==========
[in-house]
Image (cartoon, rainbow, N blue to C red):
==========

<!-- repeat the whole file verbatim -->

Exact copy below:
[in-house]
Image (cartoon, rainbow, N blue to C red):